Lydia Davis, in inimitable style, consolidates the elements of reading, writing and travel in a short piece from her 1997 collection, Almost no Memory:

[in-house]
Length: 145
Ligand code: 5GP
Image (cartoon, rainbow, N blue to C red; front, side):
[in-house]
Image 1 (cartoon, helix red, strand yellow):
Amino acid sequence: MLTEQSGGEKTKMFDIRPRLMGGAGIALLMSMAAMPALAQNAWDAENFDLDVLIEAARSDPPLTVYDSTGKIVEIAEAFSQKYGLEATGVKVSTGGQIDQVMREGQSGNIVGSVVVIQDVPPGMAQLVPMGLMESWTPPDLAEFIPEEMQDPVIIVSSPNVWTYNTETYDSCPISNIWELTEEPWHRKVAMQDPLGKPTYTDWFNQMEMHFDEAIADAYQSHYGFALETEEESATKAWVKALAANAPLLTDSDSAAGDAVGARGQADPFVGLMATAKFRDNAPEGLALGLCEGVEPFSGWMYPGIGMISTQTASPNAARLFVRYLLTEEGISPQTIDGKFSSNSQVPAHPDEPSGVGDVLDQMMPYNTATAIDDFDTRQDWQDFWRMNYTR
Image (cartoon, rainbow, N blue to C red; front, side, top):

Michel Butor says that to travel is to write, because to travel is to read. This can be developed further: To write is to travel, to write is to read, to read is to write, and to read is to travel. But George Steiner says that to translate is also to read, and to translate is to write, as to write is to translate and to read is to translate. So that we may say: To translate is to travel and to travel is to translate. To translate a travel writing, for example, is to read a travel writing, to write a travel writing, to read a writing, to write a writing, and to travel. But if because you are translating you read, and because writing translate, because traveling write, because traveling read, and because translating travel; that is, if to read is to translate, and to translate is to write, to write to travel, to read to travel, to write to read, to read to write, and to travel to translate; then to write is also to write, and to read is also to read, and even more, because when you read you read, but also travel, and because traveling read, therefore read and read; and when reading also write, therefore read; and reading also translate, therefore read; therefore read, read, read and read. The same argument may be made for translating, traveling and writing.